Brown, Garner expected to smear Betty Jean Grant

Political operatives close to Maurice Garner, the former President of Grassroots Inc. who is widely thought to control Mayor Byron Brown, say that he “is deeply worried” about County Legislator Betty Jean Grant’s campaign for Mayor.  Operatives say that Garner is already designing a smear campaign against Grant that will aim to neutralize her candidacy.

Garner is credited with orchestrating a similar smear campaign against former City Human Resources Commissioner Karla Thomas, after Thomas insisted on following civil service procedures in the awarding of city jobs.

It’s not the first time that Grassroots Inc. has been paid to attack Grant, either.

251117_218615931493779_2268057_n.jpgIn 2013, Grassroots President Mike Darby, was paid nearly $30,000 in ‘consulting fees’ from the political action committee controlled by G. Steven Pigeon, Kristy Mazurek, and David Pfaff, who have all since been indicted for illegal campaign coordination.

Darby was that fundraising vehicle’s highest paid consultant.

But by mid-2014, Darby had fallen out with Grassroots. He left to manage the Assembly campaign of Antoine Thompson, who was challenging the incumbent Grassroots candidate Crystal Peoples-Stokes.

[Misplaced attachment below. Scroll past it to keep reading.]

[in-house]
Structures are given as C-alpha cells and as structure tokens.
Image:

Following his presidency of Grassroots, Garner became a successful political operative and founded a consulting company with Pigeon and his partner, Gary Parenti, shortly before the state police raided the home of Deputy Mayor Steve Casey and Chris Grant, Chief of Staff to Rep. Chris Collins (R-Clarence).

At the time, Garner and Darby had been hired to help the former Republican County Executive undermine the Democratic Legislature Majority led by Grant, who had been unanimously elected Chairwoman.

Grant is widely respected for her candid honesty and high level of personal integrity.

At the close of her term as Chairwoman, she earned the praise of County Legislators on both sides of the aisle.  Even Legislator Kevin Hardwick (R-Tonawanda) lauded her “fair and impartial” leadership of the body.

Grant is exceptionally popular among the city’s social justice movement and has mobilized a citywide network of activists around a lack of minority hiring on government funded construction projects and the need for economic inclusion of the African American community in the region’s broader economic development.

She is credited with reorienting the Governor’s spending priorities, as evidenced in Buffalo Billion II, which makes the East Side central in its funding allocations.

Many operatives think that any attack that Mayor Brown launches against Grant — whether through Grassroots or another ostensibly third-party acting on behalf of the Mayor — that it will backfire, as did those now scandalous 2013 campaign mailers.

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